Specifically, the Marshall Plan for Coal Country Act would:
- Provide Medicare to all coal workers who have lost their job at a coal mine or coal power plant, which would ensure that these workers have access to life-saving and critical healthcare since they have faced unique health challenges from exposure to dust, heavy metals, hazardous gases and fumes.
- Make higher education tuition-free for coal workers and their families, including the cost of tuition and fees to earn an associate, technical or bachelor’s degree.
- Modify U.S bankruptcy rules to require that coal companies pay expenses for healthcare, pension benefits and costs to restore the environment before paying themselves so that executive pay can no longer be placed ahead of responsibilities to the communities and workers that sacrificed their health and environment.
- Restore the environment of coal communities by providing any coal power plant with eight years of operational life left with federally-subsidized carbon capture capabilities to reduce carbon emissions, investing in abandoned mine land reclamation and providing loans to pipeline developers for the purpose of carrying captured carbon to geologic repositories like those found in the Illinois basin.
- Reform the way the federal government administers assistance by creating an Office of Economic Development at the Department of Energy (DOE) that would place a federal grant coordinator within each coal community and be responsible for bringing federal assistance to the area. These specialists will work in a community for a minimum of ten years. Currently, coal communities with scarce resources are expected to be able to navigate the federal bureaucracy by themselves in order to determine what resources they are eligible for.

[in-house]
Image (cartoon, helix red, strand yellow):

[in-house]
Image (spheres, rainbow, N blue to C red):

- Stabilize coal communities’ economies by increasing the federal minimum wage to fifteen dollars an hour, establishing a Coal Community Home Buying Program to attract homeowners and maintain the property value for existing residents, reestablishing tax credits aimed at spurring new energy development in these specific communities and giving the goods manufactured in coal country federal purchasing preference. The legislation would also require that coal plants are decommissioned, something required currently of nuclear power plants.
Last month, Duckworth, along with U.S. Senators Cory Booker (D-NJ) and Tom Carper (D-DE), welcomed the development of a historic National Economic Transition (NET) platform published by local, regional and national organizations to give policymakers recommendations for an ambitious national transition program that supports the people and places hit hardest by our changing energy landscape. Duckworth also helped reintroduce the Revitalizing the Economy of Coal Communities by Leveraging Local Activities and Investing More (RECLAIM) Act last year, which would support economic and community development opportunities in impacted coal communities. Duckworth met with retired members of the United Mine Workers of America (UMWA) in 2018 to discuss the critical importance of protecting their pensions.